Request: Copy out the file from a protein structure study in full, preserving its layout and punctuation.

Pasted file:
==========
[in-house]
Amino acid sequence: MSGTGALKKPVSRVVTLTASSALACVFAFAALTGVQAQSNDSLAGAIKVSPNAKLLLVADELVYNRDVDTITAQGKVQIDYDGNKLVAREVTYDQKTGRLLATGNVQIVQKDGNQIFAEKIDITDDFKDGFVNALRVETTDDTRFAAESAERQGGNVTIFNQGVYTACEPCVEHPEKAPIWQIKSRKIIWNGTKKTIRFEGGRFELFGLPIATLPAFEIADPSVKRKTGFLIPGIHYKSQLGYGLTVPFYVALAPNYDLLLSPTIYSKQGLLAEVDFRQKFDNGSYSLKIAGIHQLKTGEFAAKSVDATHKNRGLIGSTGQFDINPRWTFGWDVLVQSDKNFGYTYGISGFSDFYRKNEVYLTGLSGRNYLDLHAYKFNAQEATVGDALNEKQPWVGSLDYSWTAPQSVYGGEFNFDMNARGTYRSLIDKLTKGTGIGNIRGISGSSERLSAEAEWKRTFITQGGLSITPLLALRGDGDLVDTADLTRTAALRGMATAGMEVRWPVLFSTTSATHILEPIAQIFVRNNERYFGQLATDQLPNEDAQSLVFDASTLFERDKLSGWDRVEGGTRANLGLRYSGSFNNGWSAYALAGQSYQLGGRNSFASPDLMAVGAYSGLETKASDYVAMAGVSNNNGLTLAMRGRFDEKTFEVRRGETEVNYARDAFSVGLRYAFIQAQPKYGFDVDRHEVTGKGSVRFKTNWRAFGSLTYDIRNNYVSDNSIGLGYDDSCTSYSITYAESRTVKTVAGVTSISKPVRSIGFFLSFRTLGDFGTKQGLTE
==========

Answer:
[in-house]
Amino acid sequence: MSGTGALKKPVSRVVTLTASSALACVFAFAALTGVQAQSNDSLAGAIKVSPNAKLLLVADELVYNRDVDTITAQGKVQIDYDGNKLVAREVTYDQKTGRLLATGNVQIVQKDGNQIFAEKIDITDDFKDGFVNALRVETTDDTRFAAESAERQGGNVTIFNQGVYTACEPCVEHPEKAPIWQIKSRKIIWNGTKKTIRFEGGRFELFGLPIATLPAFEIADPSVKRKTGFLIPGIHYKSQLGYGLTVPFYVALAPNYDLLLSPTIYSKQGLLAEVDFRQKFDNGSYSLKIAGIHQLKTGEFAAKSVDATHKNRGLIGSTGQFDINPRWTFGWDVLVQSDKNFGYTYGISGFSDFYRKNEVYLTGLSGRNYLDLHAYKFNAQEATVGDALNEKQPWVGSLDYSWTAPQSVYGGEFNFDMNARGTYRSLIDKLTKGTGIGNIRGISGSSERLSAEAEWKRTFITQGGLSITPLLALRGDGDLVDTADLTRTAALRGMATAGMEVRWPVLFSTTSATHILEPIAQIFVRNNERYFGQLATDQLPNEDAQSLVFDASTLFERDKLSGWDRVEGGTRANLGLRYSGSFNNGWSAYALAGQSYQLGGRNSFASPDLMAVGAYSGLETKASDYVAMAGVSNNNGLTLAMRGRFDEKTFEVRRGETEVNYARDAFSVGLRYAFIQAQPKYGFDVDRHEVTGKGSVRFKTNWRAFGSLTYDIRNNYVSDNSIGLGYDDSCTSYSITYAESRTVKTVAGVTSISKPVRSIGFFLSFRTLGDFGTKQGLTE